The Auditory Cognitive Neuroscience Laboratory (Robert Zatorre, Principal Investigator)

The work in our lab is aimed at achieving a better understanding of the neural mechanisms underlying complex auditory processes in the human brain. Several different lines of research are ongoing to explore how the auditory nervous system allows us to perceive, understand, remember and imagine sounds. In particular, our lab is most concerned with the two most complex and characteristically human uses of sound: speech and music. In particular, music serves as an excellent model for a number of current research directions, focusing on sensory-motor integration in the context of singing or playing an instrument, brain plasticity associated with musical training, and interaction between the reward system and other brain circuits in the context of musical pleasure. For a list of current topics consult the recent publications page, and the individual project descriptions of the students and fellows in the lab (here).

This work in our lab takes advantage of a wide range of methodologies, including psychophysical and cognitive tasks, functional brain imaging (functional magnetic resonance imaging, magnetoencephalography, and positron emission tomography), structural brain imaging and morphometry using MRI, and brain stimulation techniques (transcranial magnetic and direct current stimulation). Increasingly the research is multimodal in nature, involving multiple brain imaging techniques, with the overall goal being to establish brain-behavior/cognition relationsh​ips.


Robert Zatorre, Ph.D.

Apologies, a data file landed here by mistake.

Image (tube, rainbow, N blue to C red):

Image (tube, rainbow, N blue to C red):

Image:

Dr. Zatorre is a cognitive neuroscientist at the Montreal Neurological Institute of McGill University. His principal interests relate to the neural substrate for auditory cognition, with special emphasis on two complex and characteristically human abilities: speech and music. He and his collaborators have published over 280 scientific papers on a variety of topics including pitch perception, musical imagery, absolute pitch, music and emotion, perception of auditory space, and brain plasticity in the blind and the deaf. In 2005 he was named holder of a James McGill chair in Neuroscience. In 2006 he became the founding co-director of the international laboratory for Brain, Music, and Sound research (BRAMS), a unique multi-university consortium with state-of-the art facilities dedicated to the cognitive neuroscience of music. In 2011 he was awarded the IPSEN foundation prize in neuronal plasticity, and in 2013 he won the Knowles prize in hearing research from Northwestern University. He lives in Montreal with his wife and collaborator Virginia Penhune, professor of psychology at Concordia University. He tries to keep up his baroque repertoire on the organ whenever he can get a chance.